The consultants in the Cardiac Center in London were advising patients to eat fruits. They didnt' put a limit to it. Neither did the nutritionists. What I'm wondering is, why were the cardiac patients in GJ limited to less than a cupful of fruits per meal? They would be served a large portion of 'watery rice' or 'bubur' and less than a handful of chicken or fish slices with bland veggies. Most of the food would go untouched as there weren't any salt added to the food either.
When I worked in UK, patients were given food with 'taste' and encouraged to eat fruits. There wasn't a limit to it. And if the patients refused to eat, the doctors would give the go ahead for the patient's family to bring their own home cooked food for the patient. Reason is, the surgical wound depends on the patient's nutritional intake. None or little food means slow recovery.
I understand fruits have sugars, but surely I would rather the patients eat 'fructose' and be fed while in hospital rather than losing complete appetite and recover slowly or at worse catch a hospital infection due to prolong stay in hospital.
The doctors here may arguably say they need to control patient's blood sugar level while in hospital, but shouldn't they determined what was a 'normal' blood sugar for the patient prior to admission? And it's impossible to change a person's diet within one day. I think patient education would be the best thing.
Ps:- If any of you are diabetics, it's always good to eat everything in moderation and think wisely what will 'feed' your body with 'nutrition' rather than feeding the hunger pangs. Try taking meals in smaller amounts but frequent throughout the day.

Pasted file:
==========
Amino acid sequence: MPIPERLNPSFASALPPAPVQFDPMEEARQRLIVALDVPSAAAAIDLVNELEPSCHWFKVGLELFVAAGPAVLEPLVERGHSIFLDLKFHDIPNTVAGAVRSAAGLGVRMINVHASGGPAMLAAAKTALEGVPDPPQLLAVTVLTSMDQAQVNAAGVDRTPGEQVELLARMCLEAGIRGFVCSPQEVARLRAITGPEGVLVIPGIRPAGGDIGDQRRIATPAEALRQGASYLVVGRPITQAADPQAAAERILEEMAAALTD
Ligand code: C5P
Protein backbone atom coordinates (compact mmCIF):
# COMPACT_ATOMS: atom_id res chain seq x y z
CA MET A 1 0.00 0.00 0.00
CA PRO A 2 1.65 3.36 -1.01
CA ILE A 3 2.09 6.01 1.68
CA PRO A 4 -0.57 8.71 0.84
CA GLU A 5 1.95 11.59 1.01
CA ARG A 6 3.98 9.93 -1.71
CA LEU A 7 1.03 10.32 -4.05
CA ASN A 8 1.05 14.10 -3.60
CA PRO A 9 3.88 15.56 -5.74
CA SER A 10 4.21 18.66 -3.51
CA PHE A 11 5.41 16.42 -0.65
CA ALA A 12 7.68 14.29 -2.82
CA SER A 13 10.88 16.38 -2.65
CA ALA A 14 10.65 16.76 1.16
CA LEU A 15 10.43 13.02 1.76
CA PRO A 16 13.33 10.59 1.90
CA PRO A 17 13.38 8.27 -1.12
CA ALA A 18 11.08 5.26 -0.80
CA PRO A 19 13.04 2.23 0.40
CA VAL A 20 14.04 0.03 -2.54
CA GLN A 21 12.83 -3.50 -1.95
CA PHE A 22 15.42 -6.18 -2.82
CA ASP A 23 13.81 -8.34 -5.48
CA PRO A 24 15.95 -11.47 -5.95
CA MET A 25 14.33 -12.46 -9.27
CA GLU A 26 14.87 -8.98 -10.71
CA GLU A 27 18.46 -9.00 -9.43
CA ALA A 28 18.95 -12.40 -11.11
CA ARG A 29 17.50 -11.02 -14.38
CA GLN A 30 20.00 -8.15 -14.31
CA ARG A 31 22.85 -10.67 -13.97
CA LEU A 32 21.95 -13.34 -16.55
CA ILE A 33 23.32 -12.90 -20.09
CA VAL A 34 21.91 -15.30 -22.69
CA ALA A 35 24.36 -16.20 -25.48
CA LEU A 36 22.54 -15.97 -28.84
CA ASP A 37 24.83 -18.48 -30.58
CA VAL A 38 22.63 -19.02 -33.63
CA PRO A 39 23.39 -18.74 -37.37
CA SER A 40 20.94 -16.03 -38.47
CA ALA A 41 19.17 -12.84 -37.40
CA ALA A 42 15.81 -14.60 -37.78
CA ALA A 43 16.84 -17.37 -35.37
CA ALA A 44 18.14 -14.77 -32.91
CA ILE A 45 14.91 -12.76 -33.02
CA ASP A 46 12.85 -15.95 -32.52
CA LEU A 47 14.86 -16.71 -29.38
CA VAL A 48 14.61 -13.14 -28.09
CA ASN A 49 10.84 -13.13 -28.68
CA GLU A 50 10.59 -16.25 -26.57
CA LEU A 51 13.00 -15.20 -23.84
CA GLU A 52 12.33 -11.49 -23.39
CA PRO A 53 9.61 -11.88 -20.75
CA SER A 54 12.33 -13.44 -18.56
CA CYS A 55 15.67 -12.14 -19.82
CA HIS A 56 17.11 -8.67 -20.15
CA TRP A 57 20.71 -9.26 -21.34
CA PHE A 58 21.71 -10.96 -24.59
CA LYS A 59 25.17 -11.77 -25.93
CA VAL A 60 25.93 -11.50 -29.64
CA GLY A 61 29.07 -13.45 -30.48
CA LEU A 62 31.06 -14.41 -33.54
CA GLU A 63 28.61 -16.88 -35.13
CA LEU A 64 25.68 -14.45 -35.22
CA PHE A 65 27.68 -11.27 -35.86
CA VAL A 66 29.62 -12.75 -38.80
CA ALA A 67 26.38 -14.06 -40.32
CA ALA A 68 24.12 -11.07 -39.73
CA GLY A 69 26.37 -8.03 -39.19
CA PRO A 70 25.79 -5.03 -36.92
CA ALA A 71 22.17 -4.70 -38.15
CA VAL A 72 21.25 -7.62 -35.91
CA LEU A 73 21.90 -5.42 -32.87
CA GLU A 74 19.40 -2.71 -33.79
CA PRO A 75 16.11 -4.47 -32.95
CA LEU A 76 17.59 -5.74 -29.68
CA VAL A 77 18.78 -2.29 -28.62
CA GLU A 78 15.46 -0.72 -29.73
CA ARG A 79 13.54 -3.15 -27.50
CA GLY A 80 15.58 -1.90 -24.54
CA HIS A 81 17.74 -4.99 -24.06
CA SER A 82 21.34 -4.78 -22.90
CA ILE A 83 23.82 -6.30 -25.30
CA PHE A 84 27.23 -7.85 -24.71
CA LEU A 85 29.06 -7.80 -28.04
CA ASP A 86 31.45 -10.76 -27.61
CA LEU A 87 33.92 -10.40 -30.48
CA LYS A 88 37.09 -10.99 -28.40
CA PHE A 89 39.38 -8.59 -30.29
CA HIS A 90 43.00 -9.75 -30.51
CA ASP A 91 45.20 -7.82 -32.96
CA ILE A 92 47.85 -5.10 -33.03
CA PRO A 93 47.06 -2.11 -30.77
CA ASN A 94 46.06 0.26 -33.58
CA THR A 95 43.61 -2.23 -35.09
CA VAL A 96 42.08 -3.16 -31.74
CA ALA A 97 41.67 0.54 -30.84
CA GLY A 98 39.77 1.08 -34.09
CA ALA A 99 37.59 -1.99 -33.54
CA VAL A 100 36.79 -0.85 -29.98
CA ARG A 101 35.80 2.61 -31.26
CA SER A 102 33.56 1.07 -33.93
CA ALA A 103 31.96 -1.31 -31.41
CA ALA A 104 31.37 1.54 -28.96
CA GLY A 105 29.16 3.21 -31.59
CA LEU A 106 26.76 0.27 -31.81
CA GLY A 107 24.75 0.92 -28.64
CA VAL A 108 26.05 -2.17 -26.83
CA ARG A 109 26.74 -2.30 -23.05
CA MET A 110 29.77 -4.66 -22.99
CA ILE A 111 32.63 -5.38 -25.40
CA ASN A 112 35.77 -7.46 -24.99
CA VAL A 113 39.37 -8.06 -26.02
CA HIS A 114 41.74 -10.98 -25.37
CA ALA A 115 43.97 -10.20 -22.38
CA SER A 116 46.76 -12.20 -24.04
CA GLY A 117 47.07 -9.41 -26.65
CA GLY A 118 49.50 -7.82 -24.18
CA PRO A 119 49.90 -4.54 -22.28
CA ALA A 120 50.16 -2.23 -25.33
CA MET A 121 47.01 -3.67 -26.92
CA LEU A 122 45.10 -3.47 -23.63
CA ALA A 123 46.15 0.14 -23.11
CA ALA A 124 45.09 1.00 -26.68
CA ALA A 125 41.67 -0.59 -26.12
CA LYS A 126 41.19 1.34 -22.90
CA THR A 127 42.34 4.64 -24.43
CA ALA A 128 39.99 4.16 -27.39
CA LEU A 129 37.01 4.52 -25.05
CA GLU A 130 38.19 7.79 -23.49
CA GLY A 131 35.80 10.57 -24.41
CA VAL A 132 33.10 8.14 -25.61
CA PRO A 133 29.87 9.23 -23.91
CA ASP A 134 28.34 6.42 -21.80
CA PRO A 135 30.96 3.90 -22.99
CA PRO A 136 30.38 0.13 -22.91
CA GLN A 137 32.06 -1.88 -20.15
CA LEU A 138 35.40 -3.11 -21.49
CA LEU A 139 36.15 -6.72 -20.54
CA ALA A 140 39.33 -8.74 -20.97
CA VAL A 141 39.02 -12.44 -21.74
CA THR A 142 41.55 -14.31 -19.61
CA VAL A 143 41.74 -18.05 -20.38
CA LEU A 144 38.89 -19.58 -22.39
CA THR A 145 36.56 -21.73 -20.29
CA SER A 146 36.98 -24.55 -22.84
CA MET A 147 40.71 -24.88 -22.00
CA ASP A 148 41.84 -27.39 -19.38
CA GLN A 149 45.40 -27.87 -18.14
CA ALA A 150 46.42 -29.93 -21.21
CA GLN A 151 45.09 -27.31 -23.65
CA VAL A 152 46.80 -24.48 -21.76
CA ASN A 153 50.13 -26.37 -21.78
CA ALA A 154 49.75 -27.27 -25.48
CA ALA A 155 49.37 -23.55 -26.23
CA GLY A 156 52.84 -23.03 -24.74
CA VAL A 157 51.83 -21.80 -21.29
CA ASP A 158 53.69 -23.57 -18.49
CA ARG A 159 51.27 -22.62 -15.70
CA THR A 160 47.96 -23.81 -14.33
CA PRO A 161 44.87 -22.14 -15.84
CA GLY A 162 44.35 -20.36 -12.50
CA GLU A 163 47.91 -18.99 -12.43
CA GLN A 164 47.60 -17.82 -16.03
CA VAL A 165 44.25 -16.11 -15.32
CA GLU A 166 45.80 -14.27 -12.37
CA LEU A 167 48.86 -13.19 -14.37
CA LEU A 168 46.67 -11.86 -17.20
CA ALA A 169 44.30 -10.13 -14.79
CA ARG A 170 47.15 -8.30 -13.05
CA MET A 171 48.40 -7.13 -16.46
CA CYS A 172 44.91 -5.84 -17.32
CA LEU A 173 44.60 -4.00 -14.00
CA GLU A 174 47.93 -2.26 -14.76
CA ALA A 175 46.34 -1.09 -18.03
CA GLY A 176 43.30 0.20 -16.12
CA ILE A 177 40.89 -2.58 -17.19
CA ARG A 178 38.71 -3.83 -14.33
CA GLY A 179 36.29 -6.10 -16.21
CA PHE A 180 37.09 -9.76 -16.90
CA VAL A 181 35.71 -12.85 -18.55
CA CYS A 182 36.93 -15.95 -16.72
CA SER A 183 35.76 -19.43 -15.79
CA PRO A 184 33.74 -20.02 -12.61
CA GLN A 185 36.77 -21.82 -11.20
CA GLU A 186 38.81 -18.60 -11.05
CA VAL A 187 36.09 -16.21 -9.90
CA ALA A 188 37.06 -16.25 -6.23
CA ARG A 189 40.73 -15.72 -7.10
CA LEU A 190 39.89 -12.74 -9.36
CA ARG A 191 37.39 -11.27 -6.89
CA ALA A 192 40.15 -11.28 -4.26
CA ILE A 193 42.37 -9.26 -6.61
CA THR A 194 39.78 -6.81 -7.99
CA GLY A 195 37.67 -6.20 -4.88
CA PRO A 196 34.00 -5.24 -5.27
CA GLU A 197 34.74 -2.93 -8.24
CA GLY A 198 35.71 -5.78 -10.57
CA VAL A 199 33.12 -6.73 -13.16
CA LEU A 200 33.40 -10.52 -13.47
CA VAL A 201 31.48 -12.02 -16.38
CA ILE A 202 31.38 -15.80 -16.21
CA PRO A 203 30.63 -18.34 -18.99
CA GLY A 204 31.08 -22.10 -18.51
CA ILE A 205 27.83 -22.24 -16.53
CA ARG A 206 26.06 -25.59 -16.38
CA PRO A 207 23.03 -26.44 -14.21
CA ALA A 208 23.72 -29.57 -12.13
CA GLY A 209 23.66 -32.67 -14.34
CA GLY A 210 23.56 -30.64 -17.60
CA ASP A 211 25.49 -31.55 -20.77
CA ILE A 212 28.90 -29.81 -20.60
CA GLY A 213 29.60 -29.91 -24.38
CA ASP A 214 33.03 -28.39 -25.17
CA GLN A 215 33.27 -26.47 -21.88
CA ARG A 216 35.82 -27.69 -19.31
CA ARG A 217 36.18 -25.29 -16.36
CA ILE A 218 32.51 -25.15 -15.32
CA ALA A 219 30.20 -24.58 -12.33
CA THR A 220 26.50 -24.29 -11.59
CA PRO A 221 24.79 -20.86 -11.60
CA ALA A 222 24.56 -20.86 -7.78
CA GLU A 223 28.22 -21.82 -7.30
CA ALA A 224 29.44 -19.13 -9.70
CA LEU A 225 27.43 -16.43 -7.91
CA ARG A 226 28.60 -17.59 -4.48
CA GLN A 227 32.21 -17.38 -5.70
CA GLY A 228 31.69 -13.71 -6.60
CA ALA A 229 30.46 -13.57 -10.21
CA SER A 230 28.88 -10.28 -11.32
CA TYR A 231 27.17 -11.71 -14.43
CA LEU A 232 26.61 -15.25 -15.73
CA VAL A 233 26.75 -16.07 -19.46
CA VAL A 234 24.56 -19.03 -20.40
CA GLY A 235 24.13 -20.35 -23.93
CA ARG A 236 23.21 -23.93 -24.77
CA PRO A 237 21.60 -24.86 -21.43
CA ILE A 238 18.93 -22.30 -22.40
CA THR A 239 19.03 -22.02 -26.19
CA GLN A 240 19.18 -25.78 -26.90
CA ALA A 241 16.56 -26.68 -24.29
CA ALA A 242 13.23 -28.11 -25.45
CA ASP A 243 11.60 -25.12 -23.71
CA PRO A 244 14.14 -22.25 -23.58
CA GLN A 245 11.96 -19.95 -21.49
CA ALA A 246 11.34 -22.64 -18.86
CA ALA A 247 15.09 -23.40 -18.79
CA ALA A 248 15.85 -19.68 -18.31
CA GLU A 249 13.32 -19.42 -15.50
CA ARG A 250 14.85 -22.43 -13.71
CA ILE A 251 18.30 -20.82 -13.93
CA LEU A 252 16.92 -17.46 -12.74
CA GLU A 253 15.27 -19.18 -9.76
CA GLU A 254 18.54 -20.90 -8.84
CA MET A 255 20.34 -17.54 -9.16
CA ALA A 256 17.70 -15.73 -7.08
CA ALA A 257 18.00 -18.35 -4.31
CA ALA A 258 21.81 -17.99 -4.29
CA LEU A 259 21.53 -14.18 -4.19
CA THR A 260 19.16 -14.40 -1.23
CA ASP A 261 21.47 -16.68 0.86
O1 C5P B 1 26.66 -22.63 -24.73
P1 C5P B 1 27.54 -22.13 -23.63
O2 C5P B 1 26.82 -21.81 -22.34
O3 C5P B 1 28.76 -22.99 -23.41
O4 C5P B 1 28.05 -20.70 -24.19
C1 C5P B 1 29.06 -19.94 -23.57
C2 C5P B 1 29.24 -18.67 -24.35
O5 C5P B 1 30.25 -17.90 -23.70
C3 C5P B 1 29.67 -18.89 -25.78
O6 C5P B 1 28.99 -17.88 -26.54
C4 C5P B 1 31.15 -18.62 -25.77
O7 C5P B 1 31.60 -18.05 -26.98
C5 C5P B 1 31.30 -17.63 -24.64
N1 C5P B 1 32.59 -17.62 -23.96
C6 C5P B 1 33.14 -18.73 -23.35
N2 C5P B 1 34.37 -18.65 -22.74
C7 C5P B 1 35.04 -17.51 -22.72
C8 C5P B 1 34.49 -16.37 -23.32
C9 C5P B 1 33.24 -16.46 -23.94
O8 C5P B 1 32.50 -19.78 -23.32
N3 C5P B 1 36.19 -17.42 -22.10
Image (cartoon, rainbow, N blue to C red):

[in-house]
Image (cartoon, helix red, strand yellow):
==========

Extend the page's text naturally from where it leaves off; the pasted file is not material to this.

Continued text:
I tried to google whether fruits are good for diabetics, and the best result or explanation I came across was as below.
Diabetics often ask whether it is safe for them to eat large quantities of fruit. Many people suffering from diabetes avoid eating fruit because they are worried about the high sugar content found in most fruits. Fortunately, there are many fruits a diabetic can enjoy which do not significantly affect blood glucose levels.
Good Fruits For Diabetics
Fiber rich foods are general safe for diabetics to eat because they tend to have a lower glycemic index (GI) and therefore do not spike blood sugar levels to the same extent as high GI foods. This is because fiber slows down the absorption of sugar into the blood stream. Fiber rich fruits tend to be fruits with edible skins and seeds as it is these parts of the fruit that are highest in fiber. Fruits high in fiber include (fiber content in brackets): apples (2.3%), pears (2.1%), apricots (2.1%), blueberries (8.4%), kiwifruit (2.1%), and pomegranates (3.4%).
Fruits high in fructose, and those with high fructose to glucose ratios are also beneficial to diabetics because fructose does not require insulin to metabolize and therefore can be enjoyed by insulin resistant diabetics. High fructose fruits include apples, pears, guavas and mangoes, - all of which have fructose to glucose ratios greater than 2.
Along with high fiber and fructose levels, apples have added benefits for people with diabetes. Raw apples contain high amounts of pectin which has been shown to improve glycemic control in diabetics, reducing insulin requirements by up to 50% in some cases.